Senior Planning Consultant
You may be aware that the tax code grants taxpayers a $16,000 annual exemption from gift and generation-skipping transfer (GST) taxes. That means you (and every other taxpayer you know) can gift any person(s) up to $16,000 per year gift and GST tax-free. Good financial planning and estate planning involves utilizing this annual exemption and the estate tax-free compounding such gifting can provide.
What you may NOT realize is that you can also gift an UNLIMITED amount of tuition and medical expense payments gift and GST tax-free, so long as you make those payments directly to the service provider yourself. This is an oft unrealized and underutilized benefit in financial and estate planning.
Here are some details to consider with your advisors:
- Gifts to beneficiaries to use for tuition and medical expenses will NOT qualify for the tax exclusion, nor will reimbursement of such expenses. The exemption applies strictly to payments made by the donor directly to the service providers for the benefit of the intended donees.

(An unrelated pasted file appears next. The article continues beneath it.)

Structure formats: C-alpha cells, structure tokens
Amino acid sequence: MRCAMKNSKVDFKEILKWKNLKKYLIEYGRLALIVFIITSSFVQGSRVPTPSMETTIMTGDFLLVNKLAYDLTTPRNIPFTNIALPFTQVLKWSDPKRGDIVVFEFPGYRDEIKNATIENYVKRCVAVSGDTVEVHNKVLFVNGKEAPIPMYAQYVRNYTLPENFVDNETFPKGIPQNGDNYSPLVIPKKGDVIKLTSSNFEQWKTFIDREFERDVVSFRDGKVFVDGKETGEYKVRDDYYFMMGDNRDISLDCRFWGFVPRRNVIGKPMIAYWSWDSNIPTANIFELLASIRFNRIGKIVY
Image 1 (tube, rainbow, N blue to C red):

- Gifts to a trust generally do NOT qualify for the annual gift and GST tax exclusion since such gifts in trust are not “present interests” but merely intangible “future interests” in the trust property. Only gifts of actual present interests in property qualify for the annual exclusion. Relatedly, gifts to trusts to be used for future beneficiary tuition and medical expenses generally do not qualify for the unlimited tuition and medical expense exemption.
- Qualified education expenses include only tuition expenses. However, if the tuition costs includes books, supplies, dormitory fees, room and board, and similar expenses, such costs will qualify since they are part of the direct tuition costs. If such expenses are NOT part of the direct tuition costs, they will NOT qualify for the exemption. However, prepayment of tuition for future years may qualify for the exclusion.
- Qualified medical expenses are wide-ranging and may include such things as payments for diagnosis, cure, mitigation, treatment, or prevention of disease, for transportation essential to medical care, and for medical insurance and medically necessary home care, so long as the payments are made pursuant to medically proscribed care. The exclusion does not apply to amounts reimbursed by insurance. If any reimbursement occurs, the gift donor is treated as having made an otherwise taxable gift to the donee on the insurance reimbursement date.
Please contact your tax advisor at WFY to discuss the appropriate use of this important tax exemption and planning tool for your family. Click here to contact a WFY tax advisor.